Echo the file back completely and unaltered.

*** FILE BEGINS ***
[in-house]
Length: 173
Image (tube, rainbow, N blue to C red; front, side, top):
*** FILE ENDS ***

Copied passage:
[in-house]
Length: 173
Image (tube, rainbow, N blue to C red; front, side, top):